No matter what method you use to track the growth of the YouTube phenomenon, it is a massive online service. Although all manner of video presentations are represented on YouTube (from sub-amateur to highly polished), when considered from the perspective of growing your business, you don’t need to be at the top of the scale, nor should you desire to be at the bottom. But you do want to make each video count towards your overall marketing and social media goals. Optimizing the following search factors for your videos is central to bringing that about.
Your video titles have the same importance as the headline to any of your articles.
Do your titles inspire interest?
Are you titles keyword relevant?
Good titles are arguably the most important component of getting your videos opened and viewed. Good titles are so important to professional copywriters, that they may spend as much time on determining the best titles (and even surveying and testing different titles), as they may have spent writing the main content.
Tags are keywords, or free-form, multi-word terms, assigned to a piece of information as a way to identify that content. They are somewhat analogous to mini-titles, but that’s an imperfect depiction since a group of dissimilar tags could be used to describe different components of one video.
Tagging is certainly not limited to videos, it is used for images and blog posts and other social media content. See the tags associated with this article for an example. (If you are reading this article via an RSS feed, you’ll need to visit skyworksmarketing.com to see the tags.)
The point is to ensure that you “do” tag your videos appropriately so that each video can benefit from the search benefits of being indexed by those specific keywords and terms.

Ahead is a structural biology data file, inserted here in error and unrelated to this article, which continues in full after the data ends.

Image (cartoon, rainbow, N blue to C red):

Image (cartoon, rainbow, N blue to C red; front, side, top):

3) File Names
This can be easily overlooked but if you are hosting your videos on your own website (as opposed to uploading them to a third-party publisher, such as YouTube), then the same principles used for image optimization are applicable to your video filenames. Keep them short, in a human-readable format, and use keywords where possible.
To be really clear, a video file titled “OnlineMarketing.flv” will drive you more search traffic than one titled with numbers and/or abbreviations such as “OM061809.flv”
4) Descriptive Text
Search engines read text. Let the search engines know what your video is about by offering a description, right in the description field, such as provided by video hosting services.
Additionally, when posting a video on your site, include contextually relevant text to describe it with keywords. (And “not” by repetitive use of relevant keywords).
Further, if you want to consider having the video transcribed and then published as part of a video page, you are offering the search engines even more opportunities to serve your video page up to searchers seeking what you have to offer.
5) Video Link Building
Video content is ideal media for link building. In addition to uploading video on 3rd party hosting sites, include your video in blogs; link to it from bookmarking sites; submit it to RSS; promote your videos with email marketing and/or social networking services.
6) Video SEO
All these points are really rudimentary search engine optimization (SEO) basics for optimizing any content. Building links is another part of an SEO strategy, and includes using descriptive keyword text for the links you control and linking directly to the page hosting your video.
In summary, whether you are hosting your videos on YouTube to take advantage of its tremendous traffic, presenting your videos on other video hosting services, or hosting them on your own website, these points will help you maximize the impact your videos can have for achieving your online marketing goals.